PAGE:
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Pistachio Gelato from Zingerman's Creamery

Pistachio Gelato from the Creamery 

Elegance and excellence all in one creamy, nutty cup


If I were making a shortlist of Zingerman’s little-known culinary wonders, this stuff would definitely be on it. The Creamery’s pistachio gelato is a gem. I almost never eat ice cream, and I hardly ever eat sweets, but this stuff is special. A single spoonful is like a symphony—an abundance of flavor. So luscious, that when offered some, I don’t turn it down. It has an aromatic, subtly nutty flavor. We use a pure pistachio paste from Italy—100 percent pure pistachios. Mass-market pistachio ice cream can be almost bright green in color—because we don't use food coloring, the gelato is more of a pale brown.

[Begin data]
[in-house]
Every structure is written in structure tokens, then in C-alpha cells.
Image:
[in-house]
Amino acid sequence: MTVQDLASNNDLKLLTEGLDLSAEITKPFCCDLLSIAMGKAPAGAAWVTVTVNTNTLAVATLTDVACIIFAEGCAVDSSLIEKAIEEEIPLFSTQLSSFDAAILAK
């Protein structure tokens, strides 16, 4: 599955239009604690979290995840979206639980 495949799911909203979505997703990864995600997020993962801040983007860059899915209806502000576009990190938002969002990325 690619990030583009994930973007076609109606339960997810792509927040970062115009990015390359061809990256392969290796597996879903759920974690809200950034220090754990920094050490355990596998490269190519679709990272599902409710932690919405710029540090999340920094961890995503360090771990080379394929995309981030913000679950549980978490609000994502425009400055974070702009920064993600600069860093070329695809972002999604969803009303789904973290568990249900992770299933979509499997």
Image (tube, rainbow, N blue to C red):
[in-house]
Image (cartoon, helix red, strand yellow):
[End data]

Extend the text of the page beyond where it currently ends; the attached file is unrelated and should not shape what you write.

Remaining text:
Pistachios, botanically, are a member of the cashew family and have been growing in Central Asia for probably 10,000 years—they’re believed to have been present in the Hanging Gardens of Babylon. In the first century A.D., the Roman Emperor Vitellius brought them to Rome and Apicius referenced them in his now-famous classical cookbook. Supposedly, the Queen of Sheba loved them. They have been one of the most prestigious flavors of Italian gelato for the last century or so. New trees take about 7 to 10 years to produce fruit, but they can live for nearly 300 years. Originally imported in the 1880s for Americans of Middle Eastern descent, pistachios were first introduced to the rest of America as a snack food some 50 years later. Pistachio ice cream was invented only recently, in the 1940s, by James W. Parkinson of Philadelphia. And it wasn’t until 1976 that Americans harvested the first commercial crop of pistachios.